You hebb our attention

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By The Telegraph Online
  • Published 21.03.10

Here’s another blogger-turned-author. Ever since the blogosphere burst into cyberspace, there have been hyperventilating self-confessors, “random thought” writers and “demented” mind-readers who feel their takes on society, politics, cinema, cricket and just about everything, well, have takers.

They are not always wrong. Many bloggers have a loyal following. It helps the Indian publishing industry (read commissioning editors), too. Always on the prowl for new, upcoming talent, they pounce on an author who can be added to their list of popular fiction/non-fiction.

So Greatbong Arnab Ray, the newest find of HarperCollins, was first approached by the house editor to write a biography of Mithun Chakraborty. A self-confessed Mithun fan, he has relegated his eulogy to the star, however, to a later chapter in his first book May I Hebb Your Attention Pliss, launched at Crossword on Friday evening to a full house.

Arnab is an engineer from Jadavpur University who spent four years and more of his life learning computer language, but seemed to find his true calling in writing. His English is liberally sprinkled with Hindi film lyrics and dialogues translated into English, replete with footnotes.

Says the author: “Once I moved to Detroit, a rather dirty, cold, crime-prone city, I had nothing but the computer as my companion after work. So I started to blog in 2004 and ever since blogging has given me a life in the US outside the community of NRIs.”

As a grad student in the US, he would attend NRI lunches/dinners and classify them as Uber Patriot Seniors or Desi Aunties Type I.

“The first blog I wrote was about my life, which was so pathetic that I decided never to write about my life anymore. So I started commenting on issues, news, headlines of the day.” And soon enough his had a fan following.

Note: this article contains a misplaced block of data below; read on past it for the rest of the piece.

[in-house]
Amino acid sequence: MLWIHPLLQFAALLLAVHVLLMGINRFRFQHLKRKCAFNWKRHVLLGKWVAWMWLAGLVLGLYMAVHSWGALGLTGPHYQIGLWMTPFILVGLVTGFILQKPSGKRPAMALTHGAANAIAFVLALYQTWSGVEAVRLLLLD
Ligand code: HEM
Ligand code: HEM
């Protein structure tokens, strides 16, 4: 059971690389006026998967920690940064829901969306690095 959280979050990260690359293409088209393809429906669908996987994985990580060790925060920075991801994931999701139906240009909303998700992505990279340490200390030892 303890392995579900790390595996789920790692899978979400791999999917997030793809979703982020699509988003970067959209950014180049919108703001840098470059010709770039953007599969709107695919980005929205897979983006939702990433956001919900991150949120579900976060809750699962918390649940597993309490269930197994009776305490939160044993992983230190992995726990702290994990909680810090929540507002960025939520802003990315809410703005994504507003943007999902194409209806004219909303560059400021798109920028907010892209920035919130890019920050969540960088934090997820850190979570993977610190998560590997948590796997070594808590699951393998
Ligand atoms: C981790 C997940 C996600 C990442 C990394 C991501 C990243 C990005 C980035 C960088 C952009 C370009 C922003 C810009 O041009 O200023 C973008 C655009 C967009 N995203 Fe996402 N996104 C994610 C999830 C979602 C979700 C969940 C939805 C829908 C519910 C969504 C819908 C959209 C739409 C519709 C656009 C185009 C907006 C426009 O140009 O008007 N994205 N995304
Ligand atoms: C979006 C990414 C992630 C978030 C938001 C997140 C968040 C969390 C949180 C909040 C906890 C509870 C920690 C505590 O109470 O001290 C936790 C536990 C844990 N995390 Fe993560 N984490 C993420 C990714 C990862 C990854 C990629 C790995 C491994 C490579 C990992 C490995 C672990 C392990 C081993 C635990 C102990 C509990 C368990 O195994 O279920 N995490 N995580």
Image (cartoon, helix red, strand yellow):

May I Hebb... is like what his blog is, “random thoughts of a demented mind”. “I write about things that authors who write for a living don’t write. I write about growing up in the ’80s and ’90s, about the hidden history of the young of those times,” says Arnab.

There is a first-person account of how he tried to watch TB6, the late night Russian channel that beamed Playboy stuff. For a more in-depth insight into the minds of the pubescent adults growing up in the ’80s, do read his Bollywood made me what I am.

Man for all seasons

Veteran journalist Sunanda K. Datta-Ray, or the redoubtable SKDR, referred to himself as a “thorn”, but the evening at ICCR rolled smoothly and softly as Jolly Kaul’s memoirs In Search of a Better World was launched recently.

A man for all seasons, nonagenarian Kaul had varied experiences through his life, “membership of the Communist Party, membership of the corporate world (when he joined Indian Oxygen) as well as being a journalist”. As he moved ideologically from communism and Marxism to Gandhism, he had Amlan Dutta as his close associate, who wrote the foreword to his memoirs.

Historian Tapan Raychaudhuri marvelled at how Kaul could be a total bourgeois when he participated in sports — he was a member of the Rowing Club. At the same time, during the China War, “he got totally disillusioned with the politics of the Communist Pary and like Christopher Hill, he found a niche in Gandhian thought.”

SKDR wrapped up the evening, saying: “Both Jolly and his wife Manikuntala (Sen) wanted to believe in communism without the Communist Party, just as it was possible to believe in Catholicism without the Pope or practise Hinduism without the Brahmins.”